I've just come back from a (rather long) holiday from, of all places, Iran. Now this was my first ever visit to Iran, and it definitely was an eye opener. I didn't visit many places; only Tehran and a northern city on the Caspian sea called Chaloos.
General stereotype of Iran is that it is a place filled with hateful, religiously zealout, and crazy mullahs, while at the same time having a very friendly (and very good looking) population. Basically Saudi Arabia, but with a funny-sounding language.
My stereotype of Iran (before arriving) was a place much more liberal than what people expect, while at the same time having a very friendly (and very good looking) population. Basically Bahrain, but with a funny-sounding language.
After visiting, I think that both viewpoints were partly right (definitely on the good looking part), partly wrong, and way oversimplistic. Over the next few days, I'll (hopefully, fingers crossed) post my views and impressions on this vast and very interesting county. Hopefully other people will find them interesting!
First, let me run through the obvious, stereotypical stuff, which any person can tell you about Iran. Yes, the girls there are amazingly beautiful, but (unfortunately) the guys there are considered by girls to be just as good looking as well, so to find a good looking girl you'll have lots of competition from other guys! Just as beautiful is there scenery and landscapes, which ranges from snowcapped mountains (where you can ski or go mountain trekking) to forests to sunny beaches.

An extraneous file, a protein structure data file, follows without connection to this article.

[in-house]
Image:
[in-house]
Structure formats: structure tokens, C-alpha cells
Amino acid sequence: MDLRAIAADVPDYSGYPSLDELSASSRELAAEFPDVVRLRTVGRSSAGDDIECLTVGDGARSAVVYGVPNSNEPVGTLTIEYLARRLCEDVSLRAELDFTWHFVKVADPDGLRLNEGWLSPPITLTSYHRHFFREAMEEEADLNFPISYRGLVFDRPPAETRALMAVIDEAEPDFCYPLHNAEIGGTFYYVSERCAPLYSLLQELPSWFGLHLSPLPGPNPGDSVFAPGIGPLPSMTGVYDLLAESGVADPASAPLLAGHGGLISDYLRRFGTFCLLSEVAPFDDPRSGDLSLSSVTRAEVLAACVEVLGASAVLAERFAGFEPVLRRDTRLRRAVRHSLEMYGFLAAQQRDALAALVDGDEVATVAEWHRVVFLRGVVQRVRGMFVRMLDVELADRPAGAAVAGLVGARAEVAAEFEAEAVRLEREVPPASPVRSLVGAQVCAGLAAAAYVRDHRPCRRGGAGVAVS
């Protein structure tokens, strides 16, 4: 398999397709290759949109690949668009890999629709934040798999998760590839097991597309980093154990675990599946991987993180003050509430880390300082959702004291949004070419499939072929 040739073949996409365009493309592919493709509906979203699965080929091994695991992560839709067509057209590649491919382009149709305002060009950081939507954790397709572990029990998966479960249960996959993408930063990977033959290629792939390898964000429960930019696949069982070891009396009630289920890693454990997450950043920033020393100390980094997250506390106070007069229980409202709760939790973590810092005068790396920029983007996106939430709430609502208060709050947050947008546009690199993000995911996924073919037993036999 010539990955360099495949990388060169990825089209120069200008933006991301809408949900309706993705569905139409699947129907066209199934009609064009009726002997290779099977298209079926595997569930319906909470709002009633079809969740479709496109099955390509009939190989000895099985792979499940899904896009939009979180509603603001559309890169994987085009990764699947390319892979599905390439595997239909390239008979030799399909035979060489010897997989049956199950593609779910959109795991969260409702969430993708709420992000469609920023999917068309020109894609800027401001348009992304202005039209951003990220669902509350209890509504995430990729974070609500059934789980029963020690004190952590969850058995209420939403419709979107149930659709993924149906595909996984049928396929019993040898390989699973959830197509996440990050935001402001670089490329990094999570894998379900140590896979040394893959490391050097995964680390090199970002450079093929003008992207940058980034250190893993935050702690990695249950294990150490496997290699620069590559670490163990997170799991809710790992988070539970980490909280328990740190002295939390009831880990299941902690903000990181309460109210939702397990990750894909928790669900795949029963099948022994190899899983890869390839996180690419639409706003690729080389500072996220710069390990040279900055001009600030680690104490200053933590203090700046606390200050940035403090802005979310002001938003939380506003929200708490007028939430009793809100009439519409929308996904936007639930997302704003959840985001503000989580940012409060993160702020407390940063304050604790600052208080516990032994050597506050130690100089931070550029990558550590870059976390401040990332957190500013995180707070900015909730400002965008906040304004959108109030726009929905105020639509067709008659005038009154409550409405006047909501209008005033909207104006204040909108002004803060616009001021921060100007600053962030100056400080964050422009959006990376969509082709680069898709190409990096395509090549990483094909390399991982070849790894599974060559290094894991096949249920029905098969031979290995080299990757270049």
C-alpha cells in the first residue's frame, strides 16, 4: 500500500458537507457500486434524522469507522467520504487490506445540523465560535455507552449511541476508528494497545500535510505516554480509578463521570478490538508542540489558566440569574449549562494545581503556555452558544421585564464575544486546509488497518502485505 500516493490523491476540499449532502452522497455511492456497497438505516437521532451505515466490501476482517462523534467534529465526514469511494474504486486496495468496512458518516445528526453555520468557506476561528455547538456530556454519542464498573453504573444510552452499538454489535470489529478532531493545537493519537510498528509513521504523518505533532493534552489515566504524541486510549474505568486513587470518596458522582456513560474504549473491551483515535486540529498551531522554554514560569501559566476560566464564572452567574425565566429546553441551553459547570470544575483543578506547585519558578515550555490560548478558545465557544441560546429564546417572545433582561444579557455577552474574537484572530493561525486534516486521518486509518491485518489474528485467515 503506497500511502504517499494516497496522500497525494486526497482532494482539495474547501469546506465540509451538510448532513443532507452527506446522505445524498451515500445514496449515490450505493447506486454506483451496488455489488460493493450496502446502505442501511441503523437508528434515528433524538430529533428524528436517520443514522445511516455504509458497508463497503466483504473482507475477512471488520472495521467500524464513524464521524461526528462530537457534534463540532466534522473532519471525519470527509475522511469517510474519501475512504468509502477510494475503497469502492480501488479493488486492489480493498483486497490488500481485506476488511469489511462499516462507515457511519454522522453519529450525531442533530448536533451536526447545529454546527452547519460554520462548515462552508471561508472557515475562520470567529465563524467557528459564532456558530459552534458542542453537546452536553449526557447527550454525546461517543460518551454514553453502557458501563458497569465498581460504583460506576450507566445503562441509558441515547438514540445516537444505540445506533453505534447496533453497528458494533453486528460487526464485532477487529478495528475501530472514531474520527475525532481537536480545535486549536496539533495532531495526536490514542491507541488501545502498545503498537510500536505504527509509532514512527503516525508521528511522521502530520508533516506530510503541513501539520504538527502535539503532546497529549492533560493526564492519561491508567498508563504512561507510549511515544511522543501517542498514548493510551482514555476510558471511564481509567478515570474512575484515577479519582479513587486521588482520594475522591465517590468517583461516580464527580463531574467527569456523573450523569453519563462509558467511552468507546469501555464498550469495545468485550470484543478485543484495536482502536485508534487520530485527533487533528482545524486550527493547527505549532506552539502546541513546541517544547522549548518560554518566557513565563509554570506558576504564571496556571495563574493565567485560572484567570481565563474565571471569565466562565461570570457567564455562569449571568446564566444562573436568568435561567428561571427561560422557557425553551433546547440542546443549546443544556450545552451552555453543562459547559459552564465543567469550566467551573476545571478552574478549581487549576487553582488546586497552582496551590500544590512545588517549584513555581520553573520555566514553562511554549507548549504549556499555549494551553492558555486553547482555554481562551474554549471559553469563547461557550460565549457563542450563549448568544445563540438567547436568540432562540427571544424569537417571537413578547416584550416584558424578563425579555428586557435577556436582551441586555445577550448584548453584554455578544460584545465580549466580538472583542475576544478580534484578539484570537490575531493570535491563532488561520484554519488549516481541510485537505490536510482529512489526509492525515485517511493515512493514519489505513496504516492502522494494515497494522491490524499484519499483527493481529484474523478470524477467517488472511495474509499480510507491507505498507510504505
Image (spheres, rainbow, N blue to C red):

Yes, they are extremely friendly and generous people, and if you are fortunate enough to get to know an Iranian, he'll immediately introduce you to his family and make you feel as if you're in your own home.
Yes, they have a long, interesting, and complex history and culture, spanning more than 5000 years and encompassing ethnicities as different as Turkmen, Uzbeks, Arabs, and Baluchs. They are also extremely proud (verging on arrogant) of their history, just as any other country I guess.
Although these ideas are extemely interesting in themselves, I'm going to make more of a social commentary on the place. The above traits are fairly well known, and in depth writing on them can be found in a lot of places. I'll confine my writing to what I thought was surprising, peculiar, and unexpected to Iran, along as well to similarities between Bahrain and Iran.
Disclaimer: I, being naturally a very skeptical and critical person, will naturally tend to mention more of the unusual and less positive features of Iranian society. If there are any Iranian readers (I sincerely doubt it) of this blog, please do not take this as a direct attack in Iran. In fact, it has been one of the most beautiful, interesting, and amazing countries I've visited. My skeptical nature, however, will make my commentary seem (maybe) rather negative.